Integrate with dynamic ads
Reach more people

If you use Google Analytics, there’s an integration with remarketing. Turn a GA tag into a Remarketing tag. If you can create lists based on patterns in the URL, time on site, deathing, secondary referral sources, all these GA metrics can be used for your remarketing. New signals to help you divide lists and see different types of users.

Remarketing Lists for Search Ads

If a user is searching for [shoes] and you know its a user who only looked at sneakers on your site, you can deliver a sneaker-targeted ad – a more personalized, relevant, ideally higher performing creative.

Benefits:

Expand your reach
Additional layer of targeting for search
Re-capture consumer interest

Kevin Lee our moderator asks about the idea that one individual or one cookie ends up on multiple lists. As people move around throughout your site they may be adding themselves to multiple lists. How do you think about this an that users place in the hierarchy of your remarketing? Should they think in the perspective of an individual, particularly one that’s heavily engaged, should be targeted in a hierarchy.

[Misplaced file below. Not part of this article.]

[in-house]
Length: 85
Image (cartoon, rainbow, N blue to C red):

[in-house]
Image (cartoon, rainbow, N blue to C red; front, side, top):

David compares it to a richer version of what you’ve done today with converted users – users in my home page visitors list and not users in my shopping cart. You can say “if this” and “not this”. There’s more finess and detail that can be used. And combining lists is a compelling ability, sussing out the ability to find the response of a certain type of user.

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Zach Coelius of Triggit takes the podium next. Remarketing is the killer app of this business; someone who cares is more valuable than someone who hasn’t been to your website. The audience is mostly marketers, more than half have done remarketing.

A cookie on a users browser will show where a user has been on the web. Those cookies are used to target ads based on where they’ve been before and the interest that suggests. This can be a problem if you end up showing ads where you don’t want to show them, or more often than you want to show them. The people on your remarketing list are people who are your customers. You don’t want to annoy them because they’re the most important people to you.

There are 5 rules of retargeting he’ll share.